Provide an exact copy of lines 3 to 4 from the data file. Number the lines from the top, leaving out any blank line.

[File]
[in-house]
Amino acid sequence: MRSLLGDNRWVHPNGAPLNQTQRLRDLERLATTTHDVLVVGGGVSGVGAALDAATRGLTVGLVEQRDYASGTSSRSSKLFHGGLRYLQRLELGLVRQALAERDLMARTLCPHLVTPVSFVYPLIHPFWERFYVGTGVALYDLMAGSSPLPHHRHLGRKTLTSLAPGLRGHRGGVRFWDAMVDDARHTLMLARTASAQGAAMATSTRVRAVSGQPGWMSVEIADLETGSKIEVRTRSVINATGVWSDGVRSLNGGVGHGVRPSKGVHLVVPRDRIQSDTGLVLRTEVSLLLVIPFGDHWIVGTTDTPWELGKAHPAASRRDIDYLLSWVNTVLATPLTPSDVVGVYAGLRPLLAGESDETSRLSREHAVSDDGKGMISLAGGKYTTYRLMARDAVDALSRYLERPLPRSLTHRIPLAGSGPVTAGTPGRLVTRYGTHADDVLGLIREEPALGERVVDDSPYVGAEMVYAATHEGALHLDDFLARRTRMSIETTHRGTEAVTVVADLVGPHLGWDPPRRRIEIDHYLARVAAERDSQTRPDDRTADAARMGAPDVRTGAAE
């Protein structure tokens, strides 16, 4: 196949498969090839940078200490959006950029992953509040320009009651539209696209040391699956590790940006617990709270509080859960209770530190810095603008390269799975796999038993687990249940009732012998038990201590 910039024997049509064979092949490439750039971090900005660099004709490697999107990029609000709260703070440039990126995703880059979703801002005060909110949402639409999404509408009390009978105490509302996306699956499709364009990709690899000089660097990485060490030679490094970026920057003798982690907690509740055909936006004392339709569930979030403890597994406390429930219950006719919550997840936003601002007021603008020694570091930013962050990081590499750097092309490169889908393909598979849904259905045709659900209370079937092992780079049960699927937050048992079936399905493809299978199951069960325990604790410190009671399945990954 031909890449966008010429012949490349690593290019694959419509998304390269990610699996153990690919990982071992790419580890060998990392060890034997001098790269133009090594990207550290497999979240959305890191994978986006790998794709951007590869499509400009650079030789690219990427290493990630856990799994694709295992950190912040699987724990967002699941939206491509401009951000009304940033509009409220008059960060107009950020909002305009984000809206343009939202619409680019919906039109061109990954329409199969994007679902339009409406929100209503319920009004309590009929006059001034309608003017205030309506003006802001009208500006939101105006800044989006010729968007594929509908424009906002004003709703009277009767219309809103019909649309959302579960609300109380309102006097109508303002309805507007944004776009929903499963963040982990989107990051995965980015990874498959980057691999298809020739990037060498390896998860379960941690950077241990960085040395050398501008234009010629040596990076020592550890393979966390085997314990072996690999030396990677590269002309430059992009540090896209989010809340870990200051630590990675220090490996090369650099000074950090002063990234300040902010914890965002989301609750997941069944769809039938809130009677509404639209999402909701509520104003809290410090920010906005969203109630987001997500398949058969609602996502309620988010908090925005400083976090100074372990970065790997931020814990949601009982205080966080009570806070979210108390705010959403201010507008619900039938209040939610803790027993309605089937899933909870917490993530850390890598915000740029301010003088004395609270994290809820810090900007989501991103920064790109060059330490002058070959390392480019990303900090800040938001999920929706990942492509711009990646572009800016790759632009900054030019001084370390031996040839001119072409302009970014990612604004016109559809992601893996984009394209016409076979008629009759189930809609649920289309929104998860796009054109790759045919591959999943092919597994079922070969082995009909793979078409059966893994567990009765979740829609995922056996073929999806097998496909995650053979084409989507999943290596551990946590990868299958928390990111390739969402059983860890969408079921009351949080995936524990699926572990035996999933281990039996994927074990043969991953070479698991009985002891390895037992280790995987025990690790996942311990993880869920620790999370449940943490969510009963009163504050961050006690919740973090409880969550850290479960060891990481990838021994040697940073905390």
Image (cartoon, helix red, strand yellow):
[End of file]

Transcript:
């Protein structure tokens, strides 16, 4: 196949498969090839940078200490959006950029992953509040320009009651539209696209040391699956590790940006617990709270509080859960209770530190810095603008390269799975796999038993687990249940009732012998038990201590 910039024997049509064979092949490439750039971090900005660099004709490697999107990029609000709260703070440039990126995703880059979703801002005060909110949402639409999404509408009390009978105490509302996306699956499709364009990709690899000089660097990485060490030679490094970026920057003798982690907690509740055909936006004392339709569930979030403890597994406390429930219950006719919550997840936003601002007021603008020694570091930013962050990081590499750097092309490169889908393909598979849904259905045709659900209370079937092992780079049960699927937050048992079936399905493809299978199951069960325990604790410190009671399945990954 031909890449966008010429012949490349690593290019694959419509998304390269990610699996153990690919990982071992790419580890060998990392060890034997001098790269133009090594990207550290497999979240959305890191994978986006790998794709951007590869499509400009650079030789690219990427290493990630856990799994694709295992950190912040699987724990967002699941939206491509401009951000009304940033509009409220008059960060107009950020909002305009984000809206343009939202619409680019919906039109061109990954329409199969994007679902339009409406929100209503319920009004309590009929006059001034309608003017205030309506003006802001009208500006939101105006800044989006010729968007594929509908424009906002004003709703009277009767219309809103019909649309959302579960609300109380309102006097109508303002309805507007944004776009929903499963963040982990989107990051995965980015990874498959980057691999298809020739990037060498390896998860379960941690950077241990960085040395050398501008234009010629040596990076020592550890393979966390085997314990072996690999030396990677590269002309430059992009540090896209989010809340870990200051630590990675220090490996090369650099000074950090002063990234300040902010914890965002989301609750997941069944769809039938809130009677509404639209999402909701509520104003809290410090920010906005969203109630987001997500398949058969609602996502309620988010908090925005400083976090100074372990970065790997931020814990949601009982205080966080009570806070979210108390705010959403201010507008619900039938209040939610803790027993309605089937899933909870917490993530850390890598915000740029301010003088004395609270994290809820810090900007989501991103920064790109060059330490002058070959390392480019990303900090800040938001999920929706990942492509711009990646572009800016790759632009900054030019001084370390031996040839001119072409302009970014990612604004016109559809992601893996984009394209016409076979008629009759189930809609649920289309929104998860796009054109790759045919591959999943092919597994079922070969082995009909793979078409059966893994567990009765979740829609995922056996073929999806097998496909995650053979084409989507999943290596551990946590990868299958928390990111390739969402059983860890969408079921009351949080995936524990699926572990035996999933281990039996994927074990043969991953070479698991009985002891390895037992280790995987025990690790996942311990993880869920620790999370449940943490969510009963009163504050961050006690919740973090409880969550850290479960060891990481990838021994040697940073905390």
Image (cartoon, helix red, strand yellow):